Duke University, Durham, North Carolina, and the University of California, San Francisco are launching a new study to evaluate the maternal and fetal safety of in utero enzyme replacement therapy (ERT) in fetuses with lysosomal acid lipase deficiency (LAL-D) and other lysosomal storage diseases (LSDs).

LAL-D is a rare genetic autosomal recessive disorder of metabolism characterized by the excess accumulation of lipids in the body due to the absence of specific enzymes that normally break down these lipids. Mutations in the LIPA gene result in a lack of enzymatic function, leading to the buildup of cholesteryl esters and triglycerides in the liver, spleen, and other organs.

Fetuses with LSDs are at a high risk of severe perinatal morbidity and mortality due to, among other complications, nonimmune hydrops fetalis. In utero ERT has the potential to significantly improve their outcomes. Previous studies have shown the gestational period to be an opportune time for immune stimuli to the fetus, which could result in a good response to ERT.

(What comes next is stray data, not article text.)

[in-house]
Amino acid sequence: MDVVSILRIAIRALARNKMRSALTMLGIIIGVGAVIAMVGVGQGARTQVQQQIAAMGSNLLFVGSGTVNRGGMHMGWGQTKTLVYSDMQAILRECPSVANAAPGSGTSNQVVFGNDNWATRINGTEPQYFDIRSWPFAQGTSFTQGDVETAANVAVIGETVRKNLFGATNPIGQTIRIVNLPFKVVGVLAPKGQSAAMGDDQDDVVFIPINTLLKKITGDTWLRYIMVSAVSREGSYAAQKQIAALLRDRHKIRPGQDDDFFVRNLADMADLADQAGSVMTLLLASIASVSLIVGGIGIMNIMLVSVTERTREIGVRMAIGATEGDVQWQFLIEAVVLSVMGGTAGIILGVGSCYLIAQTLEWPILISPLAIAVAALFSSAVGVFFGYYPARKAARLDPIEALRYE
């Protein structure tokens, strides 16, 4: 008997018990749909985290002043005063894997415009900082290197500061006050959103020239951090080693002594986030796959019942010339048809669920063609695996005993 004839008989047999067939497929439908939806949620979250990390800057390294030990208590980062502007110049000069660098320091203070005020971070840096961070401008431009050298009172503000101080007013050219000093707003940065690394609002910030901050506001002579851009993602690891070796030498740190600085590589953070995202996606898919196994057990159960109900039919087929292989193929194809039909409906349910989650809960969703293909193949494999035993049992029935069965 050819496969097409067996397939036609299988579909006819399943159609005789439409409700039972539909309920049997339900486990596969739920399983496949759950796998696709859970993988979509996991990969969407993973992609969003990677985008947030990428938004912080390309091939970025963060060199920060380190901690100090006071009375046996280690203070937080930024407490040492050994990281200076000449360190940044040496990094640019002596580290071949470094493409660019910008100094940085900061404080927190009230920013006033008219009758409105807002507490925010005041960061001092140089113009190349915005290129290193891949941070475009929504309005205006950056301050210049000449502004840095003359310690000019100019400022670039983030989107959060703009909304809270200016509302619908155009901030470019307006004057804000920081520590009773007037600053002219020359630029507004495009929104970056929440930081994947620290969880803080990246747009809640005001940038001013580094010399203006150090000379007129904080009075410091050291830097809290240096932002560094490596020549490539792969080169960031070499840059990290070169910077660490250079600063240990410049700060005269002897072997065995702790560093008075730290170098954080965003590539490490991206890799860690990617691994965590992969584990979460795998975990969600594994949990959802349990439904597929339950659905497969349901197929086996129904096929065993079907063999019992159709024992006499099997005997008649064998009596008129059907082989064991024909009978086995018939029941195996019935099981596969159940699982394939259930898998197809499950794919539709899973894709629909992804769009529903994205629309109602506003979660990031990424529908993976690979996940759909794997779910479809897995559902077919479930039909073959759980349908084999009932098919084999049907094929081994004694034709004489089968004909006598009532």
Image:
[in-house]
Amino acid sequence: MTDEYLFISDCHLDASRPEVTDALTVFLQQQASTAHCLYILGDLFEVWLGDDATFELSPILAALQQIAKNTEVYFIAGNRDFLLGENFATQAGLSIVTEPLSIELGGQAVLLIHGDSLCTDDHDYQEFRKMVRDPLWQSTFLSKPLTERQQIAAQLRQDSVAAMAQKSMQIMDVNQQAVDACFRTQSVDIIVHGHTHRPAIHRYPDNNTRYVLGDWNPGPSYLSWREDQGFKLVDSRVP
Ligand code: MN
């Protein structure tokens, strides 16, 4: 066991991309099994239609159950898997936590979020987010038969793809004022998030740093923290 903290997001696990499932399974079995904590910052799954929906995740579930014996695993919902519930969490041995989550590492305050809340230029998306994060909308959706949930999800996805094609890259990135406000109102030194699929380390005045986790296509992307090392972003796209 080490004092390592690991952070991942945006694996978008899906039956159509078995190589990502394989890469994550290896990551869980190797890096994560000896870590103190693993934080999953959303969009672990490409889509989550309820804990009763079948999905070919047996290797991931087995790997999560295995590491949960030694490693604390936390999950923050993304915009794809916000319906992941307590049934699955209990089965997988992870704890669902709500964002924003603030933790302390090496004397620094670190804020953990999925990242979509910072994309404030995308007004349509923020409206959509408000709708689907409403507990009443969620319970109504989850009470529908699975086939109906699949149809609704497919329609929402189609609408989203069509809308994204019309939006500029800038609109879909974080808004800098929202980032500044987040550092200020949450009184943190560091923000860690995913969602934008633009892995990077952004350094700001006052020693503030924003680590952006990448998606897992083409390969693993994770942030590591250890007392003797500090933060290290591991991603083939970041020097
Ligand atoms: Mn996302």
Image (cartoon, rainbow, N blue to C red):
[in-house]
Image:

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In utero ERT also has the potential to result in improved neurodevelopmental outcomes if, as researchers suspect, the therapy affects the development of the nervous system.

Read more about LAL-D therapies

This interventional study will enroll approximately 10 participants who have been prenatally diagnosed with an LSD and who will be treated with in utero ERT with laronidase at a dose dependent on the specific disease and enzyme being replaced, as well as on the current estimated weight of the fetus. The therapy will be repeated every 2 to 4 weeks.

The open-label study is currently recruiting. Its start date was July 1, 2021, and the estimated primary completion date is July 2031. The final completion date is estimated to be July 2032.

Reference

In utero enzyme replacement therapy for lysosomal storage diseases (IUERT). ClinicalTrials.gov. August 31, 2020. Updated September 21, 2022. Accessed December 29, 2022.